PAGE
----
Pollinators and Farming


Pollinators and Farming

Jon Hawkins

Insect pollinators are vital to maintain a healthy countryside and help feed the population. As insects forage for nectar they disperse pollen from flower to flower, helping plants to reproduce. In the UK over 1500 insect species are believed to carry out pollination services. This includes bees, butterflies, moths, wasps, beetles, flies and hoverflies.


Threats to Pollinators

Wild insects improve many crop yields and pollinate an estimated 84% of EU crops (valued at £12.6 billion) and some 80% of wildflowers rely on insect pollination. The quantity and quality of pollination is dependent on a diverse community of insect pollinators.

The loss of pollinators will cause serious implications for food production as free pollination is a vital service upon which agriculture depends. The threats listed below have caused significant declines in pollinator populations across Europe and the UK, with some pollinator species facing extinction.

  1. Habitat Loss – changes in land use including intensive farming and urban development has caused significant loss and fragmentation of pollinator-friendly habitats.

  2. Intensive Farming – modern intensive farming methods have resulted in the loss of natural habitats, including traditional hay and flower meadows, water meadows, hedgerows, trees and ponds causing reduced food sources and shelter for pollinators.
  3. Pesticide Use – although designed to kill unwanted pests, pesticides can have an adverse impact on pollinators. Neonicotinoids are a particularly harmful group of pesticides that cause significant harm to the health of bees; impairing their ability to forage, reproduce, navigate and fight off disease.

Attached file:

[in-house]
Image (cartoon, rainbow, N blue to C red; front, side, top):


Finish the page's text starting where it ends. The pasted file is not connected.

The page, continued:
4. Climate Change – changes in climate are adversely affecting pollinator species who are unable to quickly adapt to shifting conditions. Climate change may also be impacting the timing of flowering plants, which pollinators are reliant on for food.
  5. Pests/Diseases – some honeybee diseases can spread to wild bumblebees but beekeepers who protect their colonies against a range of pests and diseases are helping protect wild bee species.
Pollinators (c) Imogen Lois Robertson

(c) Imogen Lois Robertson

How farmers and landowners can help wild insect pollinators

To help bring back healthy populations of insect pollinators we must restore existing natural habitats and critically find ways to connect these habitats together using flower-rich corridors such hedgerows and field margins. Farmers and land managers have an important opportunity to help reverse the severe declines of insect pollinators and in turn safeguard essential pollination services.

Pollinator food

Pollinators need a good supply of nectar and pollen from early spring through to late autumn. Increasing the abundance of flowers across a landscape helps pollinators save vital energy, as the distance that pollinators need to forage is reduced. A variety of wildflowers, shrubs and trees should be planted as different species of pollinators feed on different flower species.

Sheltering and nesting places

Insect pollinators need sheltering and nesting sites, such as hedgerows, scrub, earth banks, rough tussock grassland and unsprayed conservation headlands. Farmers and land owners should try to manage areas of land on a rotation to provide pollinators with a variety of habitats that are at different stages of growth.

Pollinators and the wider landscape

The requirements of pollinators must be considered on a landscape-scale, as their needs are not just confined to individual farms. Insect pollinators disperse into the wider farmed landscape in order to move between areas of good quality habitat so that they can forage, find shelter, colonise new areas, carry out their life cycles and adapt to environmental changes.

The distance that pollinators can travel varies between different species, therefore it is important to create corridors linking together existing areas of habitat. Species-rich hedgerows and flower-rich margins provide habitat corridors, through which pollinators can safely travel. Farmers and landowners who undertake collaborative land management to create a patchwork of habitats that offer the provision of food, shelter and nesting opportunities will help ensure pollinator populations are supported into the future.